As you'll likely known if you're even a semi-regular reader of my blog, I'm right about to go into my second semester of my first year of university. I can by no means say that I'm yet an expert of the topic of uni life, but I feel that I'm comfortably in a place that I can at least give out advice on how to get through semester one with as much ease as possible. One thing I think I've become pretty well-versed on is how to live on more than just the typical student diet.
It's a common stereotype, and one that is almost universally held; you sign up to go to Uni, you sign yourself up to a 3-4 year diet of instant ramen noodles. However, this doesn't necessarily have to be the case. Don't get me wrong - it's always good to have a stock of instant noodles in the cupboard or on the shelf. They're an easy, filling and quite tasty meal that isn't really all that bad for you, given that they're a convenience food. That said, you don't have to make them your sole source of caloric intake. If you know how to shop smart, you can eat reasonably well at a cost not significantly greater than that of a noodle-only lifestyle.
For me, the key to saving money on groceries is knowing where to shop. I know there can be stigma around more budget-friendly supermarket chains like Aldi and Lidl. It's important to remember, however, that cheaper doesn't always equal poorer quality. There are some areas where you can absolutely scrimp on price without scrimping on quality. Dried foods (think rice, pasta and lentils) and canned goods (beans, peas and tinned fruits) have long shelf lives and the cheaper versions are usually not all that different from their more expensive counterparts. The same is true of frozen foods - things like pizzas, ready meals and meats from the freezer aisles can easily be switched out with little to no difference in quality. In fact, the only place I'd say it's really worth spending the extra couple of quid is in fresher areas like meat and produce.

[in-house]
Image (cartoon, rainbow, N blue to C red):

Learning to cook will also be massively beneficial to you before you jet off to Uni. I lost track of the number of friends at whom I was appalled for their cooking skills - or, more appropriately, lack thereof - right before or upon arriving at uni. I'm by no means saying that you need to be Gordon Ramsay or Heston Blumethal at Fresher's age, but learning to make a few simple dishes will be of massive benefit to you. Stir fries and pasta bakes are filling, nutritious and easy to make. You can also find a plethora of easy-to-make and reasonably affordable recipes on websites such as this one, and in books such as The Student Cookbook (one I personally have and use frequently) and NOSH for Students, which has a second volume and a vegetarian version. There is also, thus far, one recipe for Chinese Style Chicken here on my blog and I plan for there to be more in the near future. Learning kitchen skills may be a pain but it's cheaper and better for you than living off convenience foods and takeaways - trust me, you won't regret it!
It's also mentioning the odd bevvie - after all, students wouldn't be students if we didn't enjoy a drink now and then. My best tip here is to keep your eye out for offers; if you're not to opt for the supermarket-own brand (admittedly, these can be hit-or-miss) it's worth making note on who has the best deals and discounts on drink. This includes pubs and bars; often times the ones nearest to the uni and uni digs will have student deals. And, of course, there's always the Union!